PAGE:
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A Painful Case – a man re-evaluates his life following the death, perhaps accident, perhaps suicide, of a woman to whom he was once close. This is a wonderful study of that high moral rectitude that can so easily slide over into hypocrisy, and seems to me to be something of a metaphor for the mechanical, unfelt religiosity of much of the society Joyce is portraying throughout the book.
What an end! The whole narrative of her death revolted him and it revolted him to think that he had ever spoken to her of what he held sacred. The threadbare phrases, the inane expressions of sympathy, the cautious words of a reporter won over to conceal the details of a commonplace vulgar death attacked his stomach. Not merely had she degraded herself; she had degraded him. He saw the squalid tract of her vice, miserable and malodorous. His soul’s companion!
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The Dead – the longest and most developed story in the book, this ranges beautifully over the various guests attending an evening party, before finally focusing on one man who, in the course of the evening, falls in love with his wife all over again and then has the foundation of his marriage shattered by a sudden revelation. The writing in this one is superb, showing all the sense of community, all the close and distant relationships, that make up this society; but in the end reminding character and reader alike of the ultimate aloneness of the individual, of the unknowableness of even those closest to us.
His soul had approached that region where dwell the vast hosts of the dead. He was conscious of, but could not apprehend, their wayward and flickering existence. His own identity was fading out into a grey impalpable world: the solid world itself, which these dead had one time reared and lived in, was dissolving and dwindling.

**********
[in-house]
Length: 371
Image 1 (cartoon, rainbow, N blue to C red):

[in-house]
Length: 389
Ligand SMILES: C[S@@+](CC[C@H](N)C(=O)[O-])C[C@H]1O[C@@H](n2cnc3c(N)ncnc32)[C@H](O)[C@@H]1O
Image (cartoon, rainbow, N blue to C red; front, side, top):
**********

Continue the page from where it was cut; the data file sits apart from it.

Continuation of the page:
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Eveline – this is a beautiful story, full of emotional truthfulness, and my favourite in the collection. Following the death of her mother, a young girl fulfils the promise she made to her to keep the family home together, despite her father’s drunkenness and violence. But now she has met a young man, a sailor, who wants her to come away with him to Buenos Aires. She must decide between love and duty – but on a deeper level, her choice is between courage and cowardice – escape through the open door or remain in the cage. More than any other story, this one seems to me to sum up the major theme of the book, and broke my heart in a few short pages.
She felt her cheek pale and cold and, out of a maze of distress, she prayed to God to direct her, to show her what was her duty. The boat blew a long mournful whistle into the mist…
A bell clanged upon her heart. She felt him seize her hand:
All the seas of the world tumbled about her heart. He was drawing her into them: he would drown her. She gripped with both hands at the iron railing.